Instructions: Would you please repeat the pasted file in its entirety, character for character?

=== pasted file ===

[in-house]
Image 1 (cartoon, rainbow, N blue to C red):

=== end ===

[in-house]
Image 1 (cartoon, rainbow, N blue to C red):